We've had some hot and muggy days this summer - days on which people might be moved to say, "Thank goodness for air conditioning."
However, police personnel at 5th District headquarters on Bladensburg Road NE have not been in a position to make such a comment this year.
Their air conditioning hasn't worked since last year, and the windows in their building can't be opened. So its usually about 10 degrees hotter inside than out. I think this is caused by what's known as the greenhouse effect. In the last few days, the temperature inside 5-D headquarters has been over 100.
Personnel assigned to 5-D are being sickened by the heat. Morale has begun to wither.
"What's the problem?" I asked. The answer that came back was a typical story of bureaucratic bumbling and indifference.
The air conditioning system was not given preventive maintenance. It should have been checked at least a month before the expected onset of warm weather, but wasn't. Then one hot day somebody came around to turn on the system, but it didn't respond.
What a surprise!
After a while, somebody determined that a defective part would have to be repaired. The part was sent away to Outer Mongolia or somewhere. Three weeks later, word came back that the part couldn't be repaired. A new part would have to be obtained. But don't worry. We'll have your air conditioning working again by Monday.
Well, maybe not exactly on Monday, but certainly on Thursday. Would you believe Tuesday of next week? Or the Friday after that? The latest absolutely certain positively final deadline is Aug. 4. But don't bet on it.
Meanwhile the Police Department has rented some fans to try to keep 5-D personnel from keeling over. "I appreciate their attempt to help," one officer told me, "but I'm not sure the fans are an improvement. They don't cool anything, they just circulate hot air. In fact, the fan motors generate some heat, so that just raises the temperature in the room. The net effect is like getting your face behind the hot blast that comes out of the back of a vacuum cleaner that's been running all day."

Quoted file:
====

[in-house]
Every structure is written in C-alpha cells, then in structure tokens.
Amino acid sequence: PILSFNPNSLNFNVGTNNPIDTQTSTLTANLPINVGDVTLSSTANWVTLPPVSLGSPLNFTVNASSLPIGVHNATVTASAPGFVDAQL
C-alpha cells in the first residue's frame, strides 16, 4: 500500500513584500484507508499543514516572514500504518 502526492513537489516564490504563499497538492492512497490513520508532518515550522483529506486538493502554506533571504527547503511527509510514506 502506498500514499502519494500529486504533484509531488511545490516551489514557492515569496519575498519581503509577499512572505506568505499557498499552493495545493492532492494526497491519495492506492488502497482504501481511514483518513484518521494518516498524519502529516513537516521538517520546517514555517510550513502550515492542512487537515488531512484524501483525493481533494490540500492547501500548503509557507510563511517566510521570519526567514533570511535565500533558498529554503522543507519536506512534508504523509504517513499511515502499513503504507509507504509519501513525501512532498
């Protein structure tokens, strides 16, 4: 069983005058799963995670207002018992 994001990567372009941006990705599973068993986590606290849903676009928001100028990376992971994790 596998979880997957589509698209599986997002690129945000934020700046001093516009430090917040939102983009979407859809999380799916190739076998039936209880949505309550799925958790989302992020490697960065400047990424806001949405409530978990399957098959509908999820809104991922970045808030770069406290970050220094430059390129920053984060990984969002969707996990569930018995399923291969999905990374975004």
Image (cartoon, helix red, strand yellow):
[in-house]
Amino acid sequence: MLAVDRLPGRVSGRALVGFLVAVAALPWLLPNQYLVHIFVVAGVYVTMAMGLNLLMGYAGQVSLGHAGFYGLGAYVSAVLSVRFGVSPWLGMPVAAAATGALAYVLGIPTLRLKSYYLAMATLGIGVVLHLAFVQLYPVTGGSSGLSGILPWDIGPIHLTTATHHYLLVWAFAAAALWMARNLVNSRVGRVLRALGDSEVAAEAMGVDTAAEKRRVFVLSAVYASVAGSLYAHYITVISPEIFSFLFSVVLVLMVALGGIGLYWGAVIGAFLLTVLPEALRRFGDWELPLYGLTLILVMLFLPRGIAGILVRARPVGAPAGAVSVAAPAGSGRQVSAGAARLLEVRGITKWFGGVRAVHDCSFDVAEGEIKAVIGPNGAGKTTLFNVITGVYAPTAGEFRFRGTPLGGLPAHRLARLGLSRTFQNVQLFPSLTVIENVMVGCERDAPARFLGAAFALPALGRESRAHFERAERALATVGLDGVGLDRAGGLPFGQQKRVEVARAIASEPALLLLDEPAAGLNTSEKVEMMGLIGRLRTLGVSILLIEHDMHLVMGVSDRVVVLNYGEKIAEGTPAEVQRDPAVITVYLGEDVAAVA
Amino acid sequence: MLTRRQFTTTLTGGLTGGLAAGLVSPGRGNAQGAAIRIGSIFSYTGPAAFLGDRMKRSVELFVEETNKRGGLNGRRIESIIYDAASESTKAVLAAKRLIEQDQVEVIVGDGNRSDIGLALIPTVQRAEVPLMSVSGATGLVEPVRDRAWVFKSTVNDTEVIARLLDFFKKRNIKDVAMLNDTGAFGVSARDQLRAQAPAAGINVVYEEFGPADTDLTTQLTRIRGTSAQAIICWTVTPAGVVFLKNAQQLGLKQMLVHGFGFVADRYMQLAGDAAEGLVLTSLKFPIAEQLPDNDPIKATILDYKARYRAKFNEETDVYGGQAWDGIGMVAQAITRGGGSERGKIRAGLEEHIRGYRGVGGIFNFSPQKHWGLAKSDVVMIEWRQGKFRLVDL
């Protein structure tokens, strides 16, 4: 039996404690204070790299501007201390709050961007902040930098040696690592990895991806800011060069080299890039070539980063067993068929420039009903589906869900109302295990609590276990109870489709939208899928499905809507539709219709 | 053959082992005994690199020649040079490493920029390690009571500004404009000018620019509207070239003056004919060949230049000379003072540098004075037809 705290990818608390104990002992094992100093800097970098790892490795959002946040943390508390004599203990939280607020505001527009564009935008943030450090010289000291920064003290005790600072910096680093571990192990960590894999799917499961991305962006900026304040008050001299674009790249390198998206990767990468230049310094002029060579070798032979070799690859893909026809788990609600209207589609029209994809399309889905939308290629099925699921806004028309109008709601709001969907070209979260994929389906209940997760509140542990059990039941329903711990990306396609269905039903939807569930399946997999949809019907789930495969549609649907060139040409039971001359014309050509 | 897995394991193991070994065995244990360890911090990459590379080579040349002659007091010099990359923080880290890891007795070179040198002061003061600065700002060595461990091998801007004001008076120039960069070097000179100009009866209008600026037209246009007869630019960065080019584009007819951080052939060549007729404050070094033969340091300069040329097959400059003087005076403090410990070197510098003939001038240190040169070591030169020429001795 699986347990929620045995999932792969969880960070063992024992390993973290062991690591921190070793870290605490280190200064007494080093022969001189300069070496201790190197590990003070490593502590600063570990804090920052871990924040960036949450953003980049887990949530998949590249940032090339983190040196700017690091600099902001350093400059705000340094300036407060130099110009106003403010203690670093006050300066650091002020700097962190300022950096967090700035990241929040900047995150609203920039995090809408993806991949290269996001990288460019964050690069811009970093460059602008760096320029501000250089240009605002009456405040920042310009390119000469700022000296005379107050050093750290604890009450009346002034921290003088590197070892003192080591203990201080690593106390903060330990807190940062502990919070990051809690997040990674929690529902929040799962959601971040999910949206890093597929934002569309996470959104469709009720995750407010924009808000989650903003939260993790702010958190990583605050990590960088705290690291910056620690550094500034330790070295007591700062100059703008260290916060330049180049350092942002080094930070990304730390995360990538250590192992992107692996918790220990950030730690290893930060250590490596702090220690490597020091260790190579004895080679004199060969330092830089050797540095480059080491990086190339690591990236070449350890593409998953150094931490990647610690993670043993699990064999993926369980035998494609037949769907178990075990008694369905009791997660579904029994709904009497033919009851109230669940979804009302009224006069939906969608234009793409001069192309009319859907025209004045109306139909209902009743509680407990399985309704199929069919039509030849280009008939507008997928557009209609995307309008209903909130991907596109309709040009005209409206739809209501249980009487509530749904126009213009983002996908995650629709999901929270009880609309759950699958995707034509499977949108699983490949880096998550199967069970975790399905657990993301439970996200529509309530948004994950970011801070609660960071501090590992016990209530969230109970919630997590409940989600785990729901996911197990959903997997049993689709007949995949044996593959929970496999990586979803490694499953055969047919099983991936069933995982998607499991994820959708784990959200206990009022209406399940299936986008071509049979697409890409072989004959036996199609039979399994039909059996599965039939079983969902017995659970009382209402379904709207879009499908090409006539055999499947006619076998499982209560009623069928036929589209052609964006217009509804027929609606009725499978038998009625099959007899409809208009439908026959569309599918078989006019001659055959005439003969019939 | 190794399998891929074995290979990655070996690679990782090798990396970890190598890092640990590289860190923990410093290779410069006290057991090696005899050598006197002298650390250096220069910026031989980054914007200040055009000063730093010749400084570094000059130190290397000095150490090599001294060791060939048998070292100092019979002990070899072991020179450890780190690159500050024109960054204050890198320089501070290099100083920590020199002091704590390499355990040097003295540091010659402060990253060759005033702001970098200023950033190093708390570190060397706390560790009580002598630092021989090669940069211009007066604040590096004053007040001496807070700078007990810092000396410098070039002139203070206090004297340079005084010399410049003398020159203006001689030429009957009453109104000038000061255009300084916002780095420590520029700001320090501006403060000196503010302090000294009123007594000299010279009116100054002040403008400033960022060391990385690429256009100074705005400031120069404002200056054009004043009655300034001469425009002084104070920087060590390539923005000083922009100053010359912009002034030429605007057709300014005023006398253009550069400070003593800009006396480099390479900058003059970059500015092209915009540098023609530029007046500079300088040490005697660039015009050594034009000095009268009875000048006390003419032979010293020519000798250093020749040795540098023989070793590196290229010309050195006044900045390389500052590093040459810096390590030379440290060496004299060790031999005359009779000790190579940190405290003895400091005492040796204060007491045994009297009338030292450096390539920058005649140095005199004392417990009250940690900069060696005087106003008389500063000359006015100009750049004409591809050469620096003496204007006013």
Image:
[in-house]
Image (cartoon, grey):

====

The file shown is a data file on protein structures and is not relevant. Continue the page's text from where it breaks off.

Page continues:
Another man told me, "The other day when it was 92 in the shade outside it was 102 in here. Would you like to pull eight hours of duty in this kind of sweatbox?"
"This isn't the only place where the air conditioning doesn't work," a sergeant told me. "Units break down in every district from time to time, and there's always a long delay in getting them fixed."
A friend who works at headquarters downtown (300 Indiana Ave. NW) told me, "This is a strange building as far as air conditioning is concerned. On the fourth floor, our section suffered through two years of no air conditioning. Across the hall, there was an office that had good air conditioning during the entire time."
Meanwhile, there's a hot rumor at 5-D that next week contractors are coming in to rebuild all the windows so that they can be opened when the air conditioning breaks down. How much is that going to cost? "Go away, man," a sergeant said wearily. "You ask too many tomfool questions."
Sorry, I must have lost my head for a moment.
Nevertheless, I have a hunch that there must be a better way to house District employees than to construct a building that's sealed tignt to minimize heating and cooling losses, and then to break the seal so that people who work in the building can get a few whiffs of refreshingly cool 95-degree outside air.
And why does it have to take weeks and months - and in some cases two years - to fix a standard air conditioning unit?
Go away, man. You ask too many tomfool questions.